Master The Classics: Moscow Mule

Views:8192|Rating:4.86|View Time:4:29Minutes|Likes:212|Dislikes:6
The Moscow Mule. One of the most well known of drinks. On a given day I find myself knocking out more of these than anything else. When properly made this refreshing cocktail is a thing of beauty.

The Moscow Mule is said to have been invented at Los Angeles’ Cock and Bull bar on Sunset Boulevard somewhere around 1941. The story goes that John G. Martin an executive at the Heublein drinks company and Jack Morgan owner of the Cock and Bull Bar invented the drink together. Subsequently, reliable information has come to light that surprise surprise it was really the bartender Wes Price who probably actually invented the drink. I have been working in bars for many years and I have yet to meet any owner who has ever invented anything. And of course a mareting exec will take credit too! We also find out from Ted Haigh in his book “Vintage Spirits and Forgotten Cocktails” that Jack Morgan’s girlfriend owned a company which made copper products, so it was she who probably supplied the copper mug to the equation.

A note on this recipe because I’m sure most of you are going to ask about this in some respect. Ginger Syrup and Soda Water is not a viable replacement for good Ginger Beer. I use Fever Tree more often than not but East Imperial makes good ginger beer and so does Q. If you want to commit yourself to making Ginger Beer let me know how it goes. I have heard some bartenders in the past have made good home made versions, I haven’t run into any that I like as much as commercially available Ginger Beers but I will at some point I will probably make a video on it. Not sure when though. Ok I think that’s it! Enjoy the drink!

Here’s Links to what I use in the video:
Barfly Graduated Jigger:
Moscow Mule Mugs:

Here’s a link to Ted Haigh’s book Vintage Spirits and Forgotten Cocktails:

If you’re interested in the shirts we started making here’s a link:
You can also find them linked under each video too 🙂

Here are the specs:

2oz (60ml) Vodka
.75oz (22.5ml) Lime Juice
Top Ginger Beer of your Choice
Lime Wheel Garnish

You may also like...

22 Responses

  1. gabriel medina says:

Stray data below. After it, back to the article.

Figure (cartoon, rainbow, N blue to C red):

Could you do a video on how you engage with your guests to find out what they would like to drink.
    For example If they ask me what’s good here I usually follow up with well do you like boozy cocktails maybe I can make you something sweet or fruity. I feel like it could use work so just reaching out for suggestion/pointers.

  2. Brandon Pebler says:

    Why isn't he using cock n bull Ginger beer. Not that garbage fever tree

  3. Drunken Master II says:

    that mug look really good, I don't know why I'm sticking on that. Anyway like all the historical informations a lot.

  4. Pete Murray says:

    Great bartending tips. I am a subscriber. But I "do" have a problem with the shirt. If you left off the the word "do" it would have been easier to read and I think grammatically correct. Or just add another "do" then you would have assholes and "do do's" : )

  5. Driving With Jake says:

    Very nice, I normally make myself this but with rum for a dark and stormy as rum is better than Vodka at least for myself after drinking far to much potato juice in my young years of life.

  6. secondakira says:

    It should be noted that you should use a copper mug with a different metal on the inside, as the low pH of the Moscow Mule can cause copper to dissolve into the drink when it has direct contact.

  7. Bruno Hebert says:

    There are tons of variants to this drink, but my favorite (that I tried) is the Manuka Mule that I had in Japan. Its exactly the same drink but with Manuka Honey flavored vodka.
    The one I know is from 42 Below, a distillery in New Zealand and it's amazing.
    Unfortunately it's a bit hard to find.. especially here in the US, but if you get the chance please do try it, you won't regret it.

  8. Robert McMahan says: